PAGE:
Extramarital Affairs

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Extramarital affairs are among the most powerful disruptors to marital relationships.  The stories can be complex but the messages can fall into at least four categories.

First: I want out!  When a partner has finally given up, lost any interest in starting over or attempting to resurrect lost feelings, they may begin devising an exit strategy.  In this out-of-the-door scenario there are several options to choose from beginning with the direct approach of honestly reporting the status of the relationship to one’s partner.  On the other hand, intimidated by the consequences of honest discussion another person may initiate an affair, leaving obvious clues to one’s partner, anticipating that they will discover them and initiate the termination of the marriagefor them.  While neither of these possibilities are necessarily fatal to the relationship, they are among the most challenging for couples to reconcile.

Second: Listen to me!  In some cases the partner who is stepping out on the marriage wants desperately to receive the attention from their partner; but, they no longer feel that they are being heard.  The affair almost becomes an act of desperation for action, moving the relationship into the fast lane for change.  The hope for the best is what motivates it.  The fear of the worst is what keeps it secret until it is discovered.  When it is discovered and they are finally confronted by their spouse there is almost a sense of relief mixed in with the grief of a broken trust and the guilt and shame over not having the courage to live honestly with their partner.

Third: I did it for our marriage!  There is a logical leap that occurs when a partner actually believes an extramarital affair can help his or her marriage.  It begins with one partner’s dissatisfaction with the relationship.  Attempts to help it change for the better have failed and even made the relationship worse because of the vulnerability that one invites when they verbalize their discontent.  Punished or snubbed by their partner, they decide that attempts to reconcile will not work, they remove this topic of discussion from the table, and they submerge into going-through-the-motions numbness.  The affair opens the door to a life of excitement and intrigue on the side while they spare their partner the pressure to bend to theirdesires.  Indeed, their marriage may even improve for a while as the affair continues, taking pressure off the relationship for change; but, in the end, the revelation of the affair will be explosive and potentially catastrophic to the marriage.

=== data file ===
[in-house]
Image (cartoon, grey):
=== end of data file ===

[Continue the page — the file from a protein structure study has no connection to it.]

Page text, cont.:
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Fourth: “I’m in love!”  No matter what may be the reason for the affair, the spouse engaged in the affair can become emotionally torn between his or her love for their spouse and the infatuation found in their newly acquired partner.  This can be one of the significant magnets for the affair.  Realizing they will have to choose between one or the other they prolong their agony by deciding not to decide.  While straddling this fence of decisive indecision, the chances are pretty good that the illicit relationship is not encumbered with normal family pressures such as children, mortgages, credit card debt and the other usual household responsibilities and interpersonal tensions.   Indeed, the false sense of unencumbered affection–that is an illusion–is hypnotic in its attraction.  At the same time, their spouse is aware of their foibles and failures, good and bad traits and propensities.  Add to that the full weight of maintaining a household and the daily grind of working through multi-leveled responsibilities can create a sameness that pales in comparison to the heady excitement of secret trysts and dangerous rendezvouses.  ‘Falling in love’ with the illusion while ‘falling out of love’ with the one to whom they vowed fidelity forever,  they finally announce: “I have fallen out of love with you.  I’m in love with another person.”

If you know someone who is engaged in a ‘secret’ affair–or if you are in the midst of one yourself–there is helpful advice available to increase the probability of saving the marriage.  One helpful example is an article by Joe Beam entitled “How to Confess An Affair Without Losing Your Marriage.” Living with honesty, trust and integrity are important values that contrast sharply with keeping secrets and deceiving one’s partner about something that goes to the heart of the marriage relationship. 

In the end, there are many factors that can contribute to extramarital affairs.  When the affair is revealed the offense can often mask the factors that led the affair until trust is restored and a shared working agreement between partners is established.  Marriage and Family Therapists have been specially trained to help couples work through the issues in a constructive way.

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